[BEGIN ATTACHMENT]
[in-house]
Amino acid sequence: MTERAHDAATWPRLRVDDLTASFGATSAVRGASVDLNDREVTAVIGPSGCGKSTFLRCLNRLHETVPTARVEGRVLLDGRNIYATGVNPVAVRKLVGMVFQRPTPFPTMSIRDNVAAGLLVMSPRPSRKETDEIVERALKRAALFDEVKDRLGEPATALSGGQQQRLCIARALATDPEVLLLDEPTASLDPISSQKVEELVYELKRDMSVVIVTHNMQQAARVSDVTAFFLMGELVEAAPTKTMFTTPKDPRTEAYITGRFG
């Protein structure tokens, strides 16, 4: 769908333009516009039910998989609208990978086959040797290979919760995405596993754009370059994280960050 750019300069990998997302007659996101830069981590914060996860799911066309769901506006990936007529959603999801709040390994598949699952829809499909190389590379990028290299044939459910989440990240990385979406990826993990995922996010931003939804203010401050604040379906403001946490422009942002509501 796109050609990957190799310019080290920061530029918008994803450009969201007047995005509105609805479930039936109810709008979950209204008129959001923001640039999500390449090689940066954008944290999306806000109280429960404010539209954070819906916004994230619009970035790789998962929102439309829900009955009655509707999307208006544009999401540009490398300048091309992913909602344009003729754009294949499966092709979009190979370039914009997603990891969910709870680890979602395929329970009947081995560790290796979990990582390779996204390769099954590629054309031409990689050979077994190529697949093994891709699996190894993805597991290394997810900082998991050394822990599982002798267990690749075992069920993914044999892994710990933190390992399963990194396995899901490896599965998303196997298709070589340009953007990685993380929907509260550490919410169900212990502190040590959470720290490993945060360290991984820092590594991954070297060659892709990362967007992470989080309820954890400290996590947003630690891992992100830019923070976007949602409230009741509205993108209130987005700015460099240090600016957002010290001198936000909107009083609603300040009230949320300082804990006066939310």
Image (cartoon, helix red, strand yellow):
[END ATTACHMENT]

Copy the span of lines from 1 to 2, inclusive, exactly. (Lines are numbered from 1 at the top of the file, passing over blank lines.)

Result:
[in-house]
Amino acid sequence: MTERAHDAATWPRLRVDDLTASFGATSAVRGASVDLNDREVTAVIGPSGCGKSTFLRCLNRLHETVPTARVEGRVLLDGRNIYATGVNPVAVRKLVGMVFQRPTPFPTMSIRDNVAAGLLVMSPRPSRKETDEIVERALKRAALFDEVKDRLGEPATALSGGQQQRLCIARALATDPEVLLLDEPTASLDPISSQKVEELVYELKRDMSVVIVTHNMQQAARVSDVTAFFLMGELVEAAPTKTMFTTPKDPRTEAYITGRFG